The lion-dancers first appeared in China under the Tang dynasty (a.d. 618-906), and made their debut at the court of the kings of Tibet about the same time. The lion-dancer represents a form of the Indian mime or burlesque juggler, who originally exhibited tame lions and trained monkeys, wandering from place to place, entertaining crowds at fairs and religious festivals.

Along the high roads of Shaanxi Province in northern China are still to be seen numerous square pillars surmounted by figures of lions, monkeys, and stage-fools. In some cases the monkey squats on the lion’s back, in others it is the fool stretching out his hands into the animal’s jaws, who sits astride the lion’s back. He wears the characteristic, spacious, conical fool’s cap, the tip of which falls down in front, his countenance expressing a somewhat melancholy, but humorous good nature.

The mimes, at first, simply covered their faces with a lion mask, and it is an interesting coincidence that the European harlequin also frequently appears with the mask of the lion; for the lion had developed into the emblem of the buffoon.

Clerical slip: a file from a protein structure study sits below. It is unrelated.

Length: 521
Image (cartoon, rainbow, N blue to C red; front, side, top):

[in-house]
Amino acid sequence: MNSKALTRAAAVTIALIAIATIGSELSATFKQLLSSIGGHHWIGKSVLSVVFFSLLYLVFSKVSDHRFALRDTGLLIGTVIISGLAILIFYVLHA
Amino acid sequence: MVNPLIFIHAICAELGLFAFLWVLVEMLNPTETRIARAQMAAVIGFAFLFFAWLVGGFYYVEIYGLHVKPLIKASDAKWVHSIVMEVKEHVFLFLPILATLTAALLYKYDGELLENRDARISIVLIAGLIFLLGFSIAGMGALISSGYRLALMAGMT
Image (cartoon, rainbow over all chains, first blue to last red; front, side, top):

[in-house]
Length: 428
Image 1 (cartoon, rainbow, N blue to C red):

Live lions were not obtainable in China and Tibet, and as their transportation from India was a costly matter, the strolling mimes soon hit upon the expedient of representing the lion’s body by a covering of cloth and using two men instead of one,—one carrying the head; the other, the hind portion; the trousers of each forming the animal’s feet.

Buddhists recognize the lion as the emblem of Buddha, who in the sacred texts is referred to as “he with the lion’s voice.» The lion is regarded as the protector of his religion; hence huge statues of lions are generally to be found in front of Buddhistic temples. In this way the lion-dance came to be looked upon also as a demon-expelling ceremony.

In Peking companies of acrobats have been organized to cultivate this specialty. The blue and yellow lions perform a contra-dance, displaying an astounding skill and agility; the eyeballs, tongue, jaws, ears, and tail in rapid motion, while the bells of the neck-collars tinkle to the accompaniment of gongs.

The lion being credited with a fondness of playing with a ball, the main feature of the performance is the pursuit by the lions of an enormous ball which is thrown in front of them or across their path. They will even leap on to the roof of a one-storied house, and jump down from there into the courtyard.

En: Berthold Laufer. Oriental Theatricals. Field Museum of Natural History. CHICAGO, 1923

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